10. The euro started May off moving essentially sideways against the U.S. dollar through Thursday. Thursday morning, the euro took a near vertical surge to the upside which carried into Friday morning’s trading. There was a slight reversal late Friday morning, but the euro soon recovered and will close the week higher against the U.S. dollar. The Japanese yen began May by moving steadily lower against the U.S. dollar through Thursday. Late Thursday afternoon the yen began a slight recovery, but late Friday morning another reversal will ensure that the yen closes out the week lower against the U.S. dollar.
Europe, France in particular, will be the region to watch this weekend as Emmanuel Macron faces off against far-right Marine Le Pen for the leadership of France. If Ms. Le Pen manages to garner enough votes to win the election, markets are likely to open to massive turmoil next week. Ms. Le Pen has been very clear in her intention to hold a referendum on France’s exit from the EU if she is victorious. The election will be held on Sunday, and Asia will likely be the first market to react when its market opens at 6PM Eastern Standard Time on Sunday evening.
In the United Kingdom, Prime Minister Theresa May has accused the European Union of stalling on Brexit negotiations, saying “The events of the last few days have shown that – whatever our wishes, and however reasonable the positions of Europe’s other leaders – there are some in Brussels who do not want these talks to succeed”. Ms. May’s comments may have been directed at EU Commission President Jean-Claude Juncker who said he was “10 times more skeptical” of the U.K.’s wish to leave the EU after holding a dinner meeting with Prime Minister May last week. The British press has described that meeting as “a disaster” that apparently had both leaders arguing over key negotiation points. Ms. May is also accusing the EU of interfering with the upcoming general election that she has called for June 8, saying “Britain’s negotiating position in Europe has been misrepresented in the continental press. The European Commission’s negotiating stance has hardened. Threats against Britain have been issued by European politicians and officials. All of these acts have been deliberately timed to affect the result of the general election that will take place on 8 June”.
Prime Minister May called the June snap election in hopes of increasing her party’s majority in parliament, thus giving a boost to her powers to negotiate with the EU. The EU’s negotiator, in response to the growing tensions over the situation, said “Some have created the illusion that Brexit will have no material impact on our lives or that negotiations can be concluded quickly and painlessly. This is not the case. We need sound solutions, legal precision and this will take time”.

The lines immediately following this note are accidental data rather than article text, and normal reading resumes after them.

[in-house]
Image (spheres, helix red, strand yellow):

North Korea also remains an area to watch over the weekend as it ramped up its rhetoric again on Friday, accusing the U.S. and South Korea both of colluding to assassinate their “supreme leadership”, Kim Jong Un. In South Korea, anger also appears to be growing over the deployment of the U.S.-made Terminal High Altitude Defense (THAAD) system. Many of the local populace feel that the very presence of the anti-missile system in South Korea is essentially an invitation for Kim Jong Un to fire missiles at them just to see if the system functions.
As we head into a weekend that is filled with escalating geopolitical tensions, it is wise to monitor global news outlets and keep a close watch on markets as they begin to open next week, starting with Asia on what will be Sunday evening in New York. If markets experience an unexpected shock event that drives sudden investor demand straight into precious metals then the recent price pullbacks, which may be presenting a serious buying opportunity, could reverse to the upside in a rapid and dramatic fashion.
Savvy investors have prepared for such pullbacks, and are poised to acquire additional physical precious metals for their investment portfolios as part of a plan to diversify them away from overexposure to any single asset class.
Remember that precious metals should always be viewed as a long-term investment and that the key to profitability through the ownership of physical precious metals is to actually acquire and own the physical products and to hold them for the long term. Always remember that you should never overextend your ability to maintain ownership of your precious metals over the long term.
Precious Metals International, Ltd.
Friday to Friday Close (New York Closing Prices)
|Apr. 28th 2017
|May 5th 2017
|(38.90) – 3.07%
|(0.94) – 5.45%
|(36.50) – 3.85%
|(12.20) – 1.47%
|66.43 + 0.32%
Month End to Month End Close
|Mar. 31st 2017
|Apr. 28th 2017
|18.00 + 1.44%
|(1.00) – 5.48%
|(2.20) – 0.23%
|31.20 + 3.91%
|277.29 + 1.34%
Previous year Comparisons
|May. 6th 2016
|May 5th 2017
|(65.70) – 5.08%
|(1.23) – 7.02%
|(174) – 16.04%
|210.50 + 34.68%
|3266.31 + 18.41%
Here are your Short Term Support and Resistance Levels for the upcoming week.
Support 1220/1195/1170 16.15/15.90/15.50
Resistance 1240/1260/1290 16.60/16.80/17.10
Support 880/860/840 815/790/740
Resistance 930/975/995 840/855/875